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Turn any command line into a daemon with a pidfile and start, stop, restart, and status commands.

Project description

## Introduction

My first introduction to running a command as a daemon looked like this:

nohup mycommand --myoption myarg >/dev/null 2>/dev/null &

While this is a good for doing some development work, a proper daemon requires
quite a number of other things to happen. The wikipedia page\_(computing) says the following needs to

- Dissociating from the controlling tty
- Becoming a session leader
- Becoming a process group leader
- Executing as a background task by forking and exiting (once or twice). This
is required sometimes for the process to become a session leader. It also
allows the parent process to continue its normal execution.
- Setting the root directory ("/") as the current working directory so that the
process does not keep any directory in use that may be on a mounted file
system (allowing it to be unmounted).
- Changing the umask to 0 to allow open(), creat(), et al. operating system
calls to provide their own permission masks and not to depend on the umask of
the caller
- Closing all inherited files at the time of execution that are left open by
the parent process, including file descriptors 0, 1 and 2 (stdin, stdout,
stderr). Required files will be opened later.
- Using a logfile, the console, or /dev/null as stdin, stdout, and stderr

Additionally, when running a process under monit or initd, it is typical for
the process id of the daemon to be stored in a file, so the daemon can be
monitored and killed easily.

Finally, it is common to use `start`, `stop`, `restart`, and
`status` commands to control the daemon.

Daemoncmd takes care of creating a daemon the right way, putting its pid in
a file, and interacting with the daemon via `start`, `stop`, etc. commands.
Using it is as simple as:

/path/to/daemoncmd start --pidfile /tmp/ /path/to/mycommand

See the Usage section for more details.

For more information on daemons and daemons in python, see:


## Alternatives

Here are some projects that are similar in scope to daemoncmd:

-, and see
for a description.

While daemoncmd is a great way to start running a daemon, there are many
programs designed to run and monitor processes in a way that is more robust and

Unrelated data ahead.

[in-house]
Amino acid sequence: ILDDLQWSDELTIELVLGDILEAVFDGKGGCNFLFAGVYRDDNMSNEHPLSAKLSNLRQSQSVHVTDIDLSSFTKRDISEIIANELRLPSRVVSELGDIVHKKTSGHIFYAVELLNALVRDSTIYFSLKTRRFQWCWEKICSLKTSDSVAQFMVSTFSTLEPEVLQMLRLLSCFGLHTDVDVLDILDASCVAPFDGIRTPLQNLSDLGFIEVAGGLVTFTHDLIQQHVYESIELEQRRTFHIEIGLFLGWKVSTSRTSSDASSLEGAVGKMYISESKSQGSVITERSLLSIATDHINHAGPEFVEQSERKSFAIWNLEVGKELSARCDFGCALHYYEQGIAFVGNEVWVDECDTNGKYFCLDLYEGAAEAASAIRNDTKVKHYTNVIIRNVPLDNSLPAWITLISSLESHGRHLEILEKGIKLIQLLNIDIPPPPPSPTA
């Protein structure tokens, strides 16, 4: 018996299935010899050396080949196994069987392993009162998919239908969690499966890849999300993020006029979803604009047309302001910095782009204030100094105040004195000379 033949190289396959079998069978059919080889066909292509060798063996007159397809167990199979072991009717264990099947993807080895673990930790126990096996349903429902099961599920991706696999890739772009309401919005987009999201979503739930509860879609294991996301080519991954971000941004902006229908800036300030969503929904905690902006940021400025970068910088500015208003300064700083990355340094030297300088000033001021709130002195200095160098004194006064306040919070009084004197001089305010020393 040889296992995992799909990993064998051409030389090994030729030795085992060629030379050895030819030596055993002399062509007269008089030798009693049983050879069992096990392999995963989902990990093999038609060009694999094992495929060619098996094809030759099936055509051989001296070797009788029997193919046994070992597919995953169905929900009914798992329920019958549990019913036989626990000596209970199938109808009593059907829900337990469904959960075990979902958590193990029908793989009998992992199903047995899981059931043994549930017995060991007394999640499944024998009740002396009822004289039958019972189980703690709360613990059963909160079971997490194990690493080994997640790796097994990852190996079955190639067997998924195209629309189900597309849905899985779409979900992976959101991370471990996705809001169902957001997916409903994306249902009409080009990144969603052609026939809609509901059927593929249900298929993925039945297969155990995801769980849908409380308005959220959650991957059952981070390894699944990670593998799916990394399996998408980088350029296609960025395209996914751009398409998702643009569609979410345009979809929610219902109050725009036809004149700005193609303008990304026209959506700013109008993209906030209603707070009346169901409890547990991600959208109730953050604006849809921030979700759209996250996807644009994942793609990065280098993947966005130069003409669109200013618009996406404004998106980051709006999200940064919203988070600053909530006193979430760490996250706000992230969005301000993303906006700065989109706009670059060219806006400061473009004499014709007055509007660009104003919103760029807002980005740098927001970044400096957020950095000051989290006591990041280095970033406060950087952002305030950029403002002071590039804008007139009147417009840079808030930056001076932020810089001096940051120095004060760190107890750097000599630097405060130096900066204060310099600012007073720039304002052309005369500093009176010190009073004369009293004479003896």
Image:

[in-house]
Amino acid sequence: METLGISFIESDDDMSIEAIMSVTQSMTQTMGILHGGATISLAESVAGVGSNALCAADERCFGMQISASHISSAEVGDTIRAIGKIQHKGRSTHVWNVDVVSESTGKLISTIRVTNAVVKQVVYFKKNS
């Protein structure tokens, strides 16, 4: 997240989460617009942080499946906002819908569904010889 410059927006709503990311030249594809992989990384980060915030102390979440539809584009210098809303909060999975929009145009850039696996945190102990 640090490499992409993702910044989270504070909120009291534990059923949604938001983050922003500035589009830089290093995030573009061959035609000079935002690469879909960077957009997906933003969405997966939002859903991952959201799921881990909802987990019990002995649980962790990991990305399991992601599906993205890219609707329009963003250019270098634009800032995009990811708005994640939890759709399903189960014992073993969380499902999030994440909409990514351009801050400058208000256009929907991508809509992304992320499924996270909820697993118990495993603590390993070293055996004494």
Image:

full-featured than simply starting your own daemon. Here is a list of some of
them (see for a discussion):

- launchd
- upstart
- monit
- supervisord
- daemontools
- daemonize
- runit
- perp

For production systems, I recommend using a tool like one of these. I have
used supervisord and monit before. Some of these tools work with daemons, like
monit, in which case daemoncmd could come in handy. Other tools, like
supervisord, can supervise your process in such a way that you do not need to
daemonize it.

## Contribute

If this project does not do what you want, please open an issue or a pull
request on github,

## Requirements

- Probably Python 2.7 (since that is the only version it has been tested with.)

## Installation

### Install from

Download and install python-vagrant:

pip install daemoncmd

### Install from

Clone and install daemoncmd:

git clone
cd daemoncmd
python install

## Usage

This module has two separate uses cases:

- running a command as a daemon process
- forking the current python process as a daemon.

Daemonizing a command allows one to start, stop, and restart a non-daemon
command as a daemon process. This requires specifying a pid file which is used
to interact with the process.

Usage examples:

daemoncmd start --pidfile /tmp/ \
--stdout /tmp/daemon.log --stderr /tmp/daemon.log sleep 100
daemoncmd restart --pidfile /tmp/ \
--stdout /tmp/daemon.log --stderr /tmp/daemon.log sleep 100
daemoncmd status --pidfile /tmp/
daemoncmd stop --pidfile /tmp/

Another use case is forking the current process into a daemon. According
to pep 3143, forking as a daemon might be done by the standard library some

Usage example:

import daemoncmd
import mytask


Or from the command line:

python -c 'import daemoncmd, mytask; daemoncmd.daemonize(); mytask.doit()'

Other usage notes:

- The command should not daemonize itself, since that is what this script does
and it would make the pid in the pidfile incorrect.
- The command should refer to the absolute path of the executable, since
daemonization sets the current working directory (cwd) to '/'. More
generally, do not assume what the cwd is.
- If daemoncmd is run by monit, etc., PATH and other env vars might be
restricted for security reasons.
- daemoncmd does not try to run the daemon as a particular uid. That would
be handled by a process manager like monit, launchd, init, god, etc.
- When running under monit, etc., pass environment variables to the command
like so:

FOO=testing daemoncmd start --pidfile /tmp/ \
--stdout /tmp/daemon.log printenv FOO

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